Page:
Crosetto Touts 3D-CBS Innovative Efficiency

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CERN Headquarters (Geneva, Switzerland)

Innovation Wednesdays: Week 6

DIANA D’AMARI and DARREL JOHNSON: What is the difference between the other approaches and your invention in filtering the desired sought after particle or tumor marker signals with respect to the other systems?

CROSETTO: The big difference between my 3D-Flow OPRA system and the alternative systems, “traps” (or L-1 Trigger in physics and PET in Medical Imaging) on alternative systems are only measuring the “weight” of the sought after object, while I filter the sought objects based on their “weight” and “shape”.

DD & DJ: Why is it so important to evaluate by more than just weight?

CROSETTO: The drawback is it misses many sought after objects (particles or tumor markers) akin to “throwing away the baby with the bathwater” because the baby could have the same weight as a stone and it requires an object pattern recognition “shape” to decide which objects need retaining and which ones needs filtering.

DD & DJ: Is weight and shape the only difference between these two approaches? If not, what other differences set it apart?

CROSETTO: The weight and shape is just the difference in the concept, however, there are many other differences in the implementation of my 3D-Flow OPRA invention that can replace 4,000 electronic boards housed in hundreds of crates in a room of approximately 22m x 16m, with 9 boards, housed in one crate 0.5m x 0.8m, providing unprecedented powerful tools to experimental physicists with a staggering performance improvement at 1/1000th the cost.

In the Medical Imaging application, my 3D-CBS that makes use of the 3D-Flow OPRA is hundreds of times more efficient than the over 10,000 current PET with the potential to save many lives through an effective early cancer detection and is more efficient and ten times less expensive than the Explorer that received $15.5 million from NIH.

The 3D-CBS creates a paradigm change in molecular imaging because for the first time it can provide at once, three features that no other medical imaging device can offer: a) effective early cancer detection, b) 1% the radiation dose of the current PET and c) a 4-minute affordable examination cost, covering all organs of the body that can replace more cost-effectively several screening procedures such as the mammogram, PAP-test, colonoscopy, PSA, etc.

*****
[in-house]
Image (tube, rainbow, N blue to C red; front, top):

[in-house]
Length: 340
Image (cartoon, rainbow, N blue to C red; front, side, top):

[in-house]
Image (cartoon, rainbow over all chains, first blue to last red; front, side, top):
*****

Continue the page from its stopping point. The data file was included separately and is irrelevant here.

DD & DJ: Finally can you give us the names of other experts on the issue that could comment on your technology?

CROSETTO: I would like to provide the same names provided by the CERN Director General, Dr. Fabiola Gianotti on February 2, 2017 to the President of the Socialists Democrats and his collaborators who, in several letters asked her to organize the presentation of my inventions at CERN followed by a public scientific review of my inventions. These names of experts on the issue suggested by the CERN Director General are:

Andrew Lankford, Deputy Spokesman of the ATLAS Collaboration at CERN, Chairman of the High-Energy Physics Advisory Panel (HEPAP). Email: ajlankfo@uci.edu

Joel Butler, Spokesman of CMS Collaboration at CERN, former Director of the Computing Division at Fermialb. Email: joel.butler@cern.ch

Nadia Pastrone, President of the INFN Committee for Particle Physics (CSN1). Representing the CMS Italian Collaboration at CERN. Email: nadia.pastrone@cern.ch

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